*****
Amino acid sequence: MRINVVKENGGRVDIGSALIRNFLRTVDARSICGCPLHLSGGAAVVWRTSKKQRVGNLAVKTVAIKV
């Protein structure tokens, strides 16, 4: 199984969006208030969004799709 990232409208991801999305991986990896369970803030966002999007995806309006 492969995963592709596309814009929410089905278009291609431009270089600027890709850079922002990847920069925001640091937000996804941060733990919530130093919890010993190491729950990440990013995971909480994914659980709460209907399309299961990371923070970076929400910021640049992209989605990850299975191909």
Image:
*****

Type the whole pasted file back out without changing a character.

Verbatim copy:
Amino acid sequence: MRINVVKENGGRVDIGSALIRNFLRTVDARSICGCPLHLSGGAAVVWRTSKKQRVGNLAVKTVAIKV
């Protein structure tokens, strides 16, 4: 199984969006208030969004799709 990232409208991801999305991986990896369970803030966002999007995806309006 492969995963592709596309814009929410089905278009291609431009270089600027890709850079922002990847920069925001640091937000996804941060733990919530130093919890010993190491729950990440990013995971909480994914659980709460209907399309299961990371923070970076929400910021640049992209989605990850299975191909």
Image: